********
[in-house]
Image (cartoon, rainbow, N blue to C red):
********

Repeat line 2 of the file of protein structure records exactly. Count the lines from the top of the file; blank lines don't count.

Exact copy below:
Image (cartoon, rainbow, N blue to C red):